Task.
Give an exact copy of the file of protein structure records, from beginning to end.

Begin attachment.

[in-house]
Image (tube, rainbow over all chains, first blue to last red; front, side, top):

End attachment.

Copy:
[in-house]
Image (tube, rainbow over all chains, first blue to last red; front, side, top):